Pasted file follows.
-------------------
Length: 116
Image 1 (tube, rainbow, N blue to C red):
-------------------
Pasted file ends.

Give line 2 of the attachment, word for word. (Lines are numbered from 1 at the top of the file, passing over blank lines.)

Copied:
Image 1 (tube, rainbow, N blue to C red):